The Chancellor Rishi Sunak has told MPs that “mums everywhere” are owed a debt of thanks for “juggling childcare and work” during lockdown.
Sunak was responding to a question in the Commons specifically about mothers who are working while dealing with childcare and home schooling responsibilities, although there was no mention of fathers in his answer.
Speaking in the Commons, Conservative MP Joy Morrissey (Beaconsfield) said: “Many female business owners have found themselves working full-time jobs at home while bearing full-time responsibility for childcare and home schooling all at the same time.
“May I thank my right honourable friend for all the steps he is taking to alleviate the difficulties experienced by mothers who just want to work and contribute to the economy with their children safely back in school.”
Mr Sunak replied: “My honourable friend is absolutely right and we owe mums everywhere an enormous debt of thanks for doing the enormously difficult job of juggling childcare and work at this tricky time.
“I know she will join me in being happy that early years settings have been open for a while.
“But she’s absolutely right, the only way to sustainably solve this challenge is to safely reopen our schools as quickly as we can.”
Responding to the remark at Treasury questions, Labour deputy leader Angela Rayner wrote on Twitter: “Erm @RishiSunak you know mums work too and don’t just look after the kids and make meals..?
“That’s why Labour is demanding flexible furlough for working parents balancing work with childcare and home schooling.
“Happy to brief you on the inequality and sexism women face at work.”
Rishi Sunak took to Twitter to explain why he answered the way he did. The question, he was asked, was about mums.
Journalist John Harris Tweeted about Sunak’s comments, writing: “In which Rishi “he was the future once” sunak manages to offend both women & men.”
Rishi Sunak has insisted further economic support is coming in response to Covid-19, although he remained tight-lipped on the detail when challenged by MPs.
The Chancellor is facing a series of demands, including from the Conservative benches, to extend support to businesses and individuals – including the £20 weekly boost to Universal Credit.
Mr Sunak estimates it will cost between £20 billion and £30 billion to help firms with VAT and extend the business rate relief, stamp duty holiday, self-employment scheme and benefits boost.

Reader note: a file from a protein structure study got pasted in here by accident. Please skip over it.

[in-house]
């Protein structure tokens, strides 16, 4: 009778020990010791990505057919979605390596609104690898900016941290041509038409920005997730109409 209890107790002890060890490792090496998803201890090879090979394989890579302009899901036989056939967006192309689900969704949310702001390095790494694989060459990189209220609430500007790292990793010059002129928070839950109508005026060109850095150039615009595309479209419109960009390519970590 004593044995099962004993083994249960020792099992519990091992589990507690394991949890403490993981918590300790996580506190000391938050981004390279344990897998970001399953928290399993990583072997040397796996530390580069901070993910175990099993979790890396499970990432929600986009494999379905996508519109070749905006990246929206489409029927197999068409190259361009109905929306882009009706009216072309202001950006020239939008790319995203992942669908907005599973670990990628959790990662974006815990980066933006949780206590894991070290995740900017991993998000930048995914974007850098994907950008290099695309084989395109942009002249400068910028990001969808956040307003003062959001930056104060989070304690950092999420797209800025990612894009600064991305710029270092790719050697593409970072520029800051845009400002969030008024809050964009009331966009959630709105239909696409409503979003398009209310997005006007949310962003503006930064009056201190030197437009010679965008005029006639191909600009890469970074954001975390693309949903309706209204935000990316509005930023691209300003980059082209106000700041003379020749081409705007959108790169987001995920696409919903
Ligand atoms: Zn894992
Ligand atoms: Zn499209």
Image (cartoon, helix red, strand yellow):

He added it is “reasonable” to consider the suggestions “in the round at the Budget”, which is scheduled for March 3.
Speaking in the Commons, Conservative Jason McCartney (Colne Valley) asked: “With the lockdown or some form of restrictions set to continue well into the spring, will the Chancellor please give some certainty to those businesses and individuals struggling financially by announcing an early extension to his various support packages, including help with VAT, business rates, stamp duty, the self-employment scheme and of course the Universal Credit uplift?”
Mr Sunak replied: “(Mr McCartney) I hope will appreciate the various things he just mentioned total about, I think, £20 billion or £30 billion, so he will understand if it’s reasonable that we consider all of these things in the round at Budget, where we will set out the next stage of our economic response to coronavirus.”
Labour MP Lucy Powell (Manchester Central) earlier said: “While the Chancellor might pat himself on the back, reports out this week show that nearly 250,000 businesses are likely to go bust this year, taking many jobs with them. Does he recognise that he can’t pull the plug all in one go in April when many businesses won’t have even reopened at that point?”
Mr Sunak replied: “No-one, least of all me, is patting themselves on the back while hundreds of thousands of people are losing their jobs and many businesses are seeing extreme dislocation as a result of what is happening in our economy.
“I have put in place a series of measures but I have always said that we cannot protect or save every job or every business.
“The honourable lady makes a fair point, which is why we have said that we will review all our economic measures in place to support people through coronavirus at the upcoming Budget in the first week of March.”